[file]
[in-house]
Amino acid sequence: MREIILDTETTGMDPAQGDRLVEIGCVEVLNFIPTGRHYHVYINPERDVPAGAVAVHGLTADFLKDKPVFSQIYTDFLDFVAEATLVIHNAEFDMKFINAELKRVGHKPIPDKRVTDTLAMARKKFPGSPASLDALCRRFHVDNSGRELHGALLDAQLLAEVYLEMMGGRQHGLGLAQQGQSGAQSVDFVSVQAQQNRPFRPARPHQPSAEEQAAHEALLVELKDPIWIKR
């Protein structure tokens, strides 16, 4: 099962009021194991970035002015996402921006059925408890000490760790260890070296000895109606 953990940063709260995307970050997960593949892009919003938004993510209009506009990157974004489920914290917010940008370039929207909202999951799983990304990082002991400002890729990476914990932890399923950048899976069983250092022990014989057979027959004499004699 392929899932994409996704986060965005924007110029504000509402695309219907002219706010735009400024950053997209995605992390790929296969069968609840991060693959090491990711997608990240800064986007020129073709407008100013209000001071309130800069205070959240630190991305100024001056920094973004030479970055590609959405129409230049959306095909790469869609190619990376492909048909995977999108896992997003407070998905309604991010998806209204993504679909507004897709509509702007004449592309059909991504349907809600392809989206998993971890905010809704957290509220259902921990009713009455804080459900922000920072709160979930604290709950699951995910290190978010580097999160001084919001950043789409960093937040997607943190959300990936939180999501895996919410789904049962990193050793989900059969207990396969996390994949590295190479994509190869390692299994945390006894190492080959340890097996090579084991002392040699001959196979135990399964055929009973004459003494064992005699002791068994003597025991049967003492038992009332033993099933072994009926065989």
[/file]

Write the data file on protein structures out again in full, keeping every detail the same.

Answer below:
[in-house]
Amino acid sequence: MREIILDTETTGMDPAQGDRLVEIGCVEVLNFIPTGRHYHVYINPERDVPAGAVAVHGLTADFLKDKPVFSQIYTDFLDFVAEATLVIHNAEFDMKFINAELKRVGHKPIPDKRVTDTLAMARKKFPGSPASLDALCRRFHVDNSGRELHGALLDAQLLAEVYLEMMGGRQHGLGLAQQGQSGAQSVDFVSVQAQQNRPFRPARPHQPSAEEQAAHEALLVELKDPIWIKR
């Protein structure tokens, strides 16, 4: 099962009021194991970035002015996402921006059925408890000490760790260890070296000895109606 953990940063709260995307970050997960593949892009919003938004993510209009506009990157974004489920914290917010940008370039929207909202999951799983990304990082002991400002890729990476914990932890399923950048899976069983250092022990014989057979027959004499004699 392929899932994409996704986060965005924007110029504000509402695309219907002219706010735009400024950053997209995605992390790929296969069968609840991060693959090491990711997608990240800064986007020129073709407008100013209000001071309130800069205070959240630190991305100024001056920094973004030479970055590609959405129409230049959306095909790469869609190619990376492909048909995977999108896992997003407070998905309604991010998806209204993504679909507004897709509509702007004449592309059909991504349907809600392809989206998993971890905010809704957290509220259902921990009713009455804080459900922000920072709160979930604290709950699951995910290190978010580097999160001084919001950043789409960093937040997607943190959300990936939180999501895996919410789904049962990193050793989900059969207990396969996390994949590295190479994509190869390692299994945390006894190492080959340890097996090579084991002392040699001959196979135990399964055929009973004459003494064992005699002791068994003597025991049967003492038992009332033993099933072994009926065989």